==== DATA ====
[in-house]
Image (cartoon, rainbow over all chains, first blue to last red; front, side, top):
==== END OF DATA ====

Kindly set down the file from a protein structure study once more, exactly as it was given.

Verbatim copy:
[in-house]
Image (cartoon, rainbow over all chains, first blue to last red; front, side, top):